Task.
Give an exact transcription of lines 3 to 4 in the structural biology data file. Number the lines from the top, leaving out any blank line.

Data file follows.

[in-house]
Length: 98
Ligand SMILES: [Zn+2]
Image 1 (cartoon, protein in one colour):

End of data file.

Ligand SMILES: [Zn+2]
Image 1 (cartoon, protein in one colour):